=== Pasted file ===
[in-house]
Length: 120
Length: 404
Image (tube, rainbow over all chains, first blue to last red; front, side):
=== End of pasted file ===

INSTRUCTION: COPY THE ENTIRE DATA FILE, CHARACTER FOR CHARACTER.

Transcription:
[in-house]
Length: 120
Length: 404
Image (tube, rainbow over all chains, first blue to last red; front, side):